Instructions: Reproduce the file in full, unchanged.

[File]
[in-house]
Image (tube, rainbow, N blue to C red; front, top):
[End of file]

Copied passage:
[in-house]
Image (tube, rainbow, N blue to C red; front, top):